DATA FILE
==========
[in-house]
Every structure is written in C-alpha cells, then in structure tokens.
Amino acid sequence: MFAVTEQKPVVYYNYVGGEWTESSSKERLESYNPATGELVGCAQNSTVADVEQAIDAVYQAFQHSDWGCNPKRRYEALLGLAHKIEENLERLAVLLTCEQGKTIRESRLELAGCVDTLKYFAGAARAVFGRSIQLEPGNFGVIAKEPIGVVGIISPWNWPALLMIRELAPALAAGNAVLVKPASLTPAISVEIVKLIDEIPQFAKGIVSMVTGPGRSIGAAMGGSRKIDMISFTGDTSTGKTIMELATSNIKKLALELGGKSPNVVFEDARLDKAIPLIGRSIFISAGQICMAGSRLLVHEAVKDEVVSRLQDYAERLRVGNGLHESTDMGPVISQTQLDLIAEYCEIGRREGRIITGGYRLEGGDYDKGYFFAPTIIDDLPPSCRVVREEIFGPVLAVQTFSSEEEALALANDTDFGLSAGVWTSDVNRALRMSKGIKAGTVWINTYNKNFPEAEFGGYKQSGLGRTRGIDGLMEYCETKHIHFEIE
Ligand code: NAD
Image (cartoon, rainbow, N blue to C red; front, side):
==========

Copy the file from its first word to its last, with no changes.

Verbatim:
[in-house]
Every structure is written in C-alpha cells, then in structure tokens.
Amino acid sequence: MFAVTEQKPVVYYNYVGGEWTESSSKERLESYNPATGELVGCAQNSTVADVEQAIDAVYQAFQHSDWGCNPKRRYEALLGLAHKIEENLERLAVLLTCEQGKTIRESRLELAGCVDTLKYFAGAARAVFGRSIQLEPGNFGVIAKEPIGVVGIISPWNWPALLMIRELAPALAAGNAVLVKPASLTPAISVEIVKLIDEIPQFAKGIVSMVTGPGRSIGAAMGGSRKIDMISFTGDTSTGKTIMELATSNIKKLALELGGKSPNVVFEDARLDKAIPLIGRSIFISAGQICMAGSRLLVHEAVKDEVVSRLQDYAERLRVGNGLHESTDMGPVISQTQLDLIAEYCEIGRREGRIITGGYRLEGGDYDKGYFFAPTIIDDLPPSCRVVREEIFGPVLAVQTFSSEEEALALANDTDFGLSAGVWTSDVNRALRMSKGIKAGTVWINTYNKNFPEAEFGGYKQSGLGRTRGIDGLMEYCETKHIHFEIE
Ligand code: NAD
Image (cartoon, rainbow, N blue to C red; front, side):